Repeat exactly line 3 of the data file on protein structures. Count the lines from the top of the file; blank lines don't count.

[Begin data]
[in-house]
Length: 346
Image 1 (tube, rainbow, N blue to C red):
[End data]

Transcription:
Image 1 (tube, rainbow, N blue to C red):